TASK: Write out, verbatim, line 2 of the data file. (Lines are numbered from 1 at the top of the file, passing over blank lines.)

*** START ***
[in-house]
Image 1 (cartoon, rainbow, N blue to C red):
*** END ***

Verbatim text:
Image 1 (cartoon, rainbow, N blue to C red):